Sharing a house or flat
Sharing a house or flat with someone else can be a good way to cut down on rent and other costs. Usually, all the people in the house divide up the cost.
Finding a flat
Finding a flat depends on whether you want to start your own flat, or move into an existing flat.
If you want to start your own flat you’ll need to find a home to rent and the other people to live in it with you. Remember, everyone shares all the costs and responsibilities of the flat so make sure your flatmates are reliable and will pay their share.
To find a place in an existing flat, try:
- the 'Flatmates wanted' section on the Trade Me website
- local newspapers
- noticeboards in supermarkets and community centres
- advertising on noticeboards, or on Twitter or Facebook, saying you're looking for a flat
- talking to family and friends to see if they know anyone looking for a flatmate.
Whether you’re planning to share with friends or people you haven’t met, there are important things to think about.
- If possible, flat with people you know.
- If you need to choose someone you don’t know, make a list of things that are important to you. For example, a non-smoker, clean and tidy, ok with pets, similar goals, interests, lifestyle and values.
- You need to feel comfortable with the person you’re about to share with, as asking an unsuitable flatmate to leave can be awkward.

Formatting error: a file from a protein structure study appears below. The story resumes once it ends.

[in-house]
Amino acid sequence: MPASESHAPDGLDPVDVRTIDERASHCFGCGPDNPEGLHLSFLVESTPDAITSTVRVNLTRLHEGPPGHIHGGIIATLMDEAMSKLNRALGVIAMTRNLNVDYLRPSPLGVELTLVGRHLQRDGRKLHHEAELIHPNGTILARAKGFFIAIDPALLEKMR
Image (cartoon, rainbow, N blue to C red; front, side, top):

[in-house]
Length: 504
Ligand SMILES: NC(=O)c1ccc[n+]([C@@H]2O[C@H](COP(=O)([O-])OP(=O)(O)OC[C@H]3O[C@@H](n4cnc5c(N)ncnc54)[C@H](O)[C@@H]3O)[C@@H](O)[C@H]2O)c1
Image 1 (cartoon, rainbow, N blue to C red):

Once you've found your flatmate
It's important to understand your rights and responsibilities as a flatmate or head tenant. You might want to have a written flat or house sharing agreement.
Make sure you talk about household rules, for example:
- how money and bills will be managed
- buying groceries
- sharing space
- telephone and internet use.
University accommodation websites have good advice for first-time flatters.
Whether you're the head tenant or the flatmate, moving into a flat can be expensive at the start. You usually have to pay a bond and some rent in advance. If you can’t afford this, you may be able to get help with the initial payments or to meet ongoing rent payments.
It’s a good idea to check with Work and Income, Senior Services or StudyLink (if you're getting support from them), to see what financial help you can get before you agree to take on the room.